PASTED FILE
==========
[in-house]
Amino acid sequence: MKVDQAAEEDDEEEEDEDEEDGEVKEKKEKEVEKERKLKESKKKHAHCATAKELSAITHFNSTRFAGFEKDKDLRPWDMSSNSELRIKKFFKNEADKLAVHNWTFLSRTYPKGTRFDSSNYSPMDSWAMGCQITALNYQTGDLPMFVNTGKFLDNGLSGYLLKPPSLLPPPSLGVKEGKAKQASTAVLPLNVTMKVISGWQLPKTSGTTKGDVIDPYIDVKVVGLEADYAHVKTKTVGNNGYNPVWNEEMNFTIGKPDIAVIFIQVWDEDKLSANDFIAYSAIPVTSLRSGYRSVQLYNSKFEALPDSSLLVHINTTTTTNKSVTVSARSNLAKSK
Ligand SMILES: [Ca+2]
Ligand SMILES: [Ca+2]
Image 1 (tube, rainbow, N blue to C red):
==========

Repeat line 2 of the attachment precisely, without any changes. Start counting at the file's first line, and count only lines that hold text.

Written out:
Amino acid sequence: MKVDQAAEEDDEEEEDEDEEDGEVKEKKEKEVEKERKLKESKKKHAHCATAKELSAITHFNSTRFAGFEKDKDLRPWDMSSNSELRIKKFFKNEADKLAVHNWTFLSRTYPKGTRFDSSNYSPMDSWAMGCQITALNYQTGDLPMFVNTGKFLDNGLSGYLLKPPSLLPPPSLGVKEGKAKQASTAVLPLNVTMKVISGWQLPKTSGTTKGDVIDPYIDVKVVGLEADYAHVKTKTVGNNGYNPVWNEEMNFTIGKPDIAVIFIQVWDEDKLSANDFIAYSAIPVTSLRSGYRSVQLYNSKFEALPDSSLLVHINTTTTTNKSVTVSARSNLAKSK